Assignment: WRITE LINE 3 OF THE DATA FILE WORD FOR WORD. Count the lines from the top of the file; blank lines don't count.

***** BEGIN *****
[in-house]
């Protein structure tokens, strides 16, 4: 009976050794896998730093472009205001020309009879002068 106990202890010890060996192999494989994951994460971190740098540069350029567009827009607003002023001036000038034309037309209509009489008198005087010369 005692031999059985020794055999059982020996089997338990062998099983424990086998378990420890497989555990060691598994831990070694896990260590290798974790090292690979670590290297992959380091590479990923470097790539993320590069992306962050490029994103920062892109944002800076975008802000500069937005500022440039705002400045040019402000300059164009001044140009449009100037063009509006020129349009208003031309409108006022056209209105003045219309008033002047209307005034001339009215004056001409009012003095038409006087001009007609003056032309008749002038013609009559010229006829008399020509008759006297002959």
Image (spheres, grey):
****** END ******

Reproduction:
Image (spheres, grey):